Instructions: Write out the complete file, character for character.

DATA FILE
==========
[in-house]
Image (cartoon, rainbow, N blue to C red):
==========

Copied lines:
[in-house]
Image (cartoon, rainbow, N blue to C red):